Right now we're barbecue heavy, which I expected it to be, having the word BBQ in our name. But I'm already seeing the trend from regular customers that have been here 3 or 4 times already, moving away from the barbecue and trying the sandwiches. We use the meat from the pits in our specialty sandwiches. Our brisket cheesesteak really is that slow cooked brisket that we top with sautéed peppers and onions and provolone cheese. And we use the same brisket in it that you would get if you ordered a half pound of brisket market style.
9. Do you barbecue in the store?
Yes, we cook here every day.
10. Do you do the cooking?
11. Where did you learn to barbecue?
I guess it's from being an old country boy! I've been cooking backyard barbecue growing up since I was a teenager. When I was literally 17 or 18 years old I got a little $100 offset pit at Lowe's or Home Depot. That was 20 years ago now. Since that time I've been constantly cooking, grilling, barbecuing, and smoking. It's just been a part of what I do. When we got ready to do this restaurant we tweaked our recipes a bit to go from a back yard kind of deal to someone who could do it with consistency and being able to put out the amount of meat you need every day.
12. What do you mean by "classic Southern barbecue?"
To me, classic Southern barbecue involves cooking heavy cuts of meat for long periods of time at low temperatures over wood. We use whole briskets and pork shoulders. We season with a dry rub and let them cook for 12 or 14 hours in that great red oak smoke. There's no cheating about it - you don't boil them in a bag or put them in an oven, or shoot them up full of goo or whatever. You just rub 'em and smoke 'em. It's the traditional non-fancy, non-technological way of doing it.
…do you add sauces?
We don't sauce in the kitchen. I have a couple of sauces that we make here that are available on the table for those who want them. We have a sweet red sauce, a mustard sauce, a vinegar sauce, and a hot sauce. I personally don't use a lot of sauce and I don't think our barbecue needs it. I understand some folks like a little sauce and I think we have them covered with what we offer.
13. Do you make all your sauces?
Yes. Let me tell you, most items we sell are made here in the store. The kid's chicken fingers and corn dogs we don't make. The fried okra and sweet corn we don't make. We buy them from people who do them better than we do. Pretty much everything else you come across we've made in house, from scratch.
14. There are a lot of barbecue restaurants in Jacksonville. How will you differentiate 4 Bones?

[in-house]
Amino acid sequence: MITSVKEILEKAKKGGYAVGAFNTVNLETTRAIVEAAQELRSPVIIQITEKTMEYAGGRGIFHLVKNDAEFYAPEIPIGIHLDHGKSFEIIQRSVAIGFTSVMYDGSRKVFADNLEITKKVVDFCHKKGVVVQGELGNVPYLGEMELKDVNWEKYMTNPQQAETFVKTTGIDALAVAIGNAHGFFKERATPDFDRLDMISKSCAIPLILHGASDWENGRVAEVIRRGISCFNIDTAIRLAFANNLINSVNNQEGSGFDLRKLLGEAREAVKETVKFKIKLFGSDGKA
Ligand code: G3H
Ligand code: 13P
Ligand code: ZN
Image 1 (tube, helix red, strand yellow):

I have eaten a lot of barbecue but not a lot in Jacksonville so I can't speak too much to other places. To me barbecue is a reflection of the person cooking it. Our pulled pork is my interpretation of pulled pork. It's the seasonings that I like. It's the wood that I cook over that I like. It may be completely different from what anyone else does. I hate using the comparison of art and food but it does kind of fit in this situation because I've chosen these seasonings and I've chosen this rub and I've chosen how to put everything together. So when I put something as simple as a pulled pork sandwich out there that's me saying "hey, this is Joel Baker's interpretation of what a pulled pork sandwich should be." That's the difference between me and the person down the road. And I think that'll be universal across all barbecue restaurants. For us you really do have someone in there doing the cooking. I don't have a corporate recipe card. I'm putting my stamp on it.
15. What can you recommend to someone coming to 4 Bones for the first time who's looking to understand your style of cooking?
If you're coming for the first time I'd recommend that you get the pulled pork sandwich. If you're a barbecue fanatic that lives and breathes barbecue, when you eat a pulled pork sandwich you're going to know right there if the rest of my barbecue is any good. Because if you can cook a pulled pork sandwich well it's a sign that you know what you're doing and people will be able to tell that. On the other extreme, if you're newer to barbecue, the pulled pork sandwich will give you a good idea of what barbecue is all about - it's slow cooked meats, seasoned and smoked. If you enjoy that, you'll enjoy barbecue. So come in and have a pulled pork sandwich and that will tell you all you need to know about me. If I can do that and you like it, then you'll like the rest of the menu too.